All organisations that work with or come into contact with children should have safeguarding polices and procedures to ensure that every child, regardless of their age, gender, religion or ethnicity, can be protected from harm.
Setting up and following good safeguarding policies and procedures means children are safe from adults and other children who might pose a risk.
What is safeguarding?
Safeguarding is the action that is taken to promote the welfare of children and protect them from harm.
- protecting children from abuse and maltreatment
- preventing harm to children’s health or development
- ensuring children grow up with the provision of safe and effective care
- taking action to enable all children and young people to have the best outcomes.
Child protection is part of the safeguarding process. It focuses on protecting individual children identified as suffering or likely to suffer significant harm. This includes child protection procedures which detail how to respond to concerns about a child.
Safeguarding children and child protection guidance and legislation applies to all children up to the age of 18.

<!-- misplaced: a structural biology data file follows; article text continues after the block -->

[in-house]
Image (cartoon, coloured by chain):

Everyone has a responsibility to keep children and young people safe
All organisations that come into contact with children should have specific safeguarding policies and procedures in place. This includes voluntary and community organisations, faith groups, private sector providers, as well as schools, hospitals and sports clubs.
What do I need to do to safeguard children in my care?
Organisations need to make sure that the way they work with children keeps them safe and does not place them at unacceptable risk of harm.
They can do this through:
- establishing, implementing and following good safeguarding policies and procedures including safe recruitment
- ensuring all staff and volunteers are aware of and follow the organisation’s safeguarding policies and procedures
- ensuring that all staff and volunteers receive child protection training.